How does heat kill? | fortune well

As temperatures and humidity soar outside, what happens inside the human body can become a life-or-death battle decided by just a few degrees.

The outdoor danger threshold for illness and death from relentless heat is several degrees lower than experts thought, say researchers who put people in hot boxes to see what happens to them.

As much of the United States, Mexico, India and the Middle East suffer from scorching heat waves, made worse by man-made climate change, several doctors, physiologists and other experts explained to The Associated Press what happens to the human body with that heat.

Key body temperature

The body’s resting core temperature is usually about 98.6 degrees Fahrenheit (37 degrees Celsius).

That’s just 7 degrees (4 Celsius) away from a heatstroke catastrophe, said Ollie Jay, a professor of heat and health at the University of Sydney in Australia, where he directs the thermoergonomics lab.

Dr. Neil Gandhi, director of emergency medicine at Houston Methodist Hospital, said that during heat waves, anyone who arrives with a fever of 102 or higher and no clear source of infection will be tested for heat exhaustion. or more severe heat stroke.

“We will routinely see core temperatures above 104, 105 degrees during some of the hot spells,” Gandhi said. One or three degrees higher and that patient is at high risk of death, he said.

How heat kills

Heat kills in three main ways, Jay said. The usual first suspect is heat stroke: critical increases in body temperature that lead to organ failure.

When the body’s internal temperature rises too much, the body redirects blood flow to the skin to cool it, Jay said. But that diverts blood and oxygen from the stomach and intestines, and can allow toxins normally confined to the intestinal area to leak into the circulation.

“That sets off a cascade of effects,” Jay said. “Clotting around the body, multiple organ failure, and ultimately death.”

But the biggest cause of death in the heat is stress on the heart, especially in people with cardiovascular disease, Jay said.

Again it starts with blood rushing to the skin to help remove core heat. That causes blood pressure to drop. The heart responds by trying to pump more blood to prevent you from passing out.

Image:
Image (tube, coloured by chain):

“You’re asking the heart to do a lot more work than it normally has to do,” Jay said. For someone with a heart condition, “it’s like running for a bus with a dodgy hamstring.” “Something is going to give.”

The third main way is dangerous dehydration. As people sweat, they lose fluid to a point that can severely stress the kidneys, Jay said.

Many people may not realize the danger they are in, said Gandhi of Houston.

Dehydration can progress to shock, which causes organs to shut down from lack of blood, oxygen and nutrients, leading to seizures and death, said Dr. Renee Salas, a public health professor at Harvard University. and emergency physician at Massachusetts General Hospital.

“Dehydration can be very dangerous and even fatal for everyone if it gets bad enough, but it is especially dangerous for those who have medical conditions and take certain medications,” Salas said.

Dehydration also reduces blood flow and aggravates heart problems, Jay said.

attacking the brain

Heat also affects the brain. It can cause confusion or trouble thinking in a person, several doctors said.

“One of the first signs that you’re having trouble with the heat is if you get confused,” said Kris Ebi, a professor of climate and public health at the University of Washington. That’s of little help as a symptom because the person suffering from the heat is unlikely to recognize it, he said. And it becomes a bigger problem as people get older.

One of the classic definitions of heat stroke is a core body temperature of 104 degrees “along with cognitive dysfunction,” said Pennsylvania State University physiology professor W. Larry Kenney.

Humidity matters

Some scientists use a complicated outdoor temperature measurement called wet-bulb globe temperature, which takes into account humidity, solar radiation and wind. In the past, a wet-bulb reading of 95 Fahrenheit (35 Celsius) was thought to be the point at which the body began to have problems, said Kenney, who also runs a hot box laboratory and has performed nearly 600 tests with volunteers.

Their tests show that the wet bulb danger point is closer to 87 (30.5 degrees Celsius). That’s a figure that has started to appear in the Middle East, he said.

And that’s only for young, healthy people. For older people, the danger point is a wet-bulb temperature of 82 (28 degrees Celsius), he said.

“Wet heat waves kill many more people than dry heat waves,” Kenney said.

When Kenney tested young and old people in dry heat, the young volunteers could run up to 125.6 degrees (52 degrees Celsius), while the elderly had to stop at 109.4 (43 degrees Celsius). With high or moderate humidity, people would not be able to function at such a high temperature, he said.

“Humidity affects sweat’s ability to evaporate,” Jay said.

Running to calm patients

Heat stroke is an emergency and medical workers try to cool the victim within 30 minutes, Salas said.

The best way: Immersion in cold water. Basically, “you drop them in a bucket of water,” Salas said.

But those are not always present. So emergency rooms pump patients with cold liquids intravenously, spray them with vaporizers, place ice packs in their armpits and groin, and place them on an ice mat with cold water running through them.

Sometimes it doesn’t work.

“We call it the silent killer because it’s not this kind of visually dramatic event,” Jay said. “It’s insidious. He is hidden “.

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